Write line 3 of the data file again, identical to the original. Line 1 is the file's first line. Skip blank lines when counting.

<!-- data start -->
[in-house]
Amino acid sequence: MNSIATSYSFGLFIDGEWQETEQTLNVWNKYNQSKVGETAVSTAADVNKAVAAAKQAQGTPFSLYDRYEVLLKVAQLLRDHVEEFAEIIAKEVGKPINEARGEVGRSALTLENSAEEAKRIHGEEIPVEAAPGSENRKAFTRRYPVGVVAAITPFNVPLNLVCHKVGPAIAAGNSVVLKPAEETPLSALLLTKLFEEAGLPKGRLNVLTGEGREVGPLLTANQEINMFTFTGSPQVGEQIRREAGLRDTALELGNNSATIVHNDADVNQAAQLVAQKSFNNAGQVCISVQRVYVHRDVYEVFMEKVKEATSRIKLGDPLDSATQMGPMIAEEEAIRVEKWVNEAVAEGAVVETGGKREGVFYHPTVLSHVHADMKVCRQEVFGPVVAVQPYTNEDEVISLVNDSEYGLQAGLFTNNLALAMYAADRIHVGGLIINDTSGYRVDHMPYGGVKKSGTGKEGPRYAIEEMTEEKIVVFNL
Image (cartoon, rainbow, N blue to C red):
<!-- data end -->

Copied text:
Image (cartoon, rainbow, N blue to C red):